2. The use of high quality site-specific designs, incorporating materials that assist the integration of the development into the landscape is encouraged.
  3. The breaking of ridgelines or selection of locally prominent sites, within the Knockfierna Landscape Character area is strongly discouraged.
  4. This area shall not be considered for forestry applications that are subject to planning requirements.
  5. This area is considered unsuitable for wind energy development.


Lough Gur


Lough Gur is one of the most significant archaeological site in Limerick.  Topographically it is made up of a series of rolling hills surrounding the lake, which is the centre point of the area.  The landscape is pastoral with a long history of human habitation.  The presence of a wide variety of archaeological monuments is one of the characteristic features of the area. The area around Lough Gur, with its pleasant rural setting and views of the lake and its well-developed hedgerows, is also an attractive amenity and is widely used by locals and visitors alike.

  1. Safeguard the visual amenity of the area and to have regard to the views and prospects in and out of Lough Gur.
  2. Restrict development including residential development in the area of Special Development Control, shown on Map 5.3 except in exceptional circumstances. Appropriate tourism development and extensions to existing properties, which respect the special character of Lough Gur will be considered.
  3. To have regard to the archaeological importance and richness of the area indicated in Map 5.3 as a zone of archaeological amenity.  Any developments within the zone will be required to provide for an archaeological examination during the course of excavations, or other ground disturbance.
  4. To safeguard the existence of Natural Heritage Areas and the Wildfowl sanctuary when assessing applications for development in the area.
  5. Any structures in a ruinous condition will not be allowed to be re-developed or adapted for housing.


Shannon Coastal Zone


This zone comprises a large area of northern Limerick and is bounded on one side by the Shannon Estuary, while its southern boundary is defined by the gradually rising ground, which leads onto the agricultural zone and the western hills to the south west.  The presence of the estuary is the defining characteristic of the region.  The landscape itself is generally that of an enclosed agricultural type, essentially that of a hedgerow dominant landscape.  This differs from the other agricultural landscapes of the County, in that the field patterns, particularly close to the estuary, tend to be less regular than those elsewhere in Limerick.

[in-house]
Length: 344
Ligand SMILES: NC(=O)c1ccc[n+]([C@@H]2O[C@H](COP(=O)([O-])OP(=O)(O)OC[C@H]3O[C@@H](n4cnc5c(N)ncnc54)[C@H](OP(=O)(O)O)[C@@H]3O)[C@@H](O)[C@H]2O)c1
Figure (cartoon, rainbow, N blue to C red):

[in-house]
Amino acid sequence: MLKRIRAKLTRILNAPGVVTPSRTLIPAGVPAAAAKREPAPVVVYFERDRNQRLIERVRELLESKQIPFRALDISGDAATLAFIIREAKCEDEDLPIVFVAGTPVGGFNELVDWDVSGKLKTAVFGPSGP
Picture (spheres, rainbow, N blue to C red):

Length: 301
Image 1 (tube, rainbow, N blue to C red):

1. Where housing is permitted, encourage appropriate scale and high quality design for this landscape area, combined with sensitive site location and landscaping. Respect traditional scale, particularly on elevated or locally prominent sites.
  2. To protect the views and prospects along the N69 (see Map 5.2), as a priority for the Planning Authority. Only in exceptional circumstances (e.g. domestic extensions and/or a suitably screened dwelling for an individual who is engaged in full time farming or other exceptional circumstances) will development be allowed between the road and the estuary.
  3. To encourage the use of site-specific designs with careful attention to landscaping.  Finishes such as plaster finish, which will assist in integrating the development into the landscape, are encouraged.
  4. All of the above (a to c) does not apply within the settlements of the Shannon Coastal zone.
  5. To permit holiday homes only within existing settlements.
  6. To rigidly adhere to best practice in the installation and use of wastewater treatment systems, given the proximity of the Shannon and the importance of water-based habitats in the area, to ensure that no deterioration in water quality takes place.
  7. Where wind farms are permitted, it is recommended that single lines of equally spaced turbines shall be considered, in order to limit the visual and landscape impact.
  8. Development shall be encouraged within existing settlements.
  9. Development identified under the SIFP will adhere to the mitigation measures for landscape management as appropriate.


Southern Uplands



The Mullaghareirk range of hills, which straddles the County Limerick, Cork and Kerry boundaries, is the principal defining feature of this landscape character area.  This is a gently undulating range of hills, which rises to almost a plateau near the Cork border.  Vegetation cover ranges from improved hill grassland, which tends to be wet in nature to disturbed peatland habitats, such as blanket bog, dry and wet heath.  Few of these habitats are intact, occurring only in patches interrupted by commercial forestry and improved grassland.  Commercial forestry, most of which is nearing maturity, is a dominant feature of this area.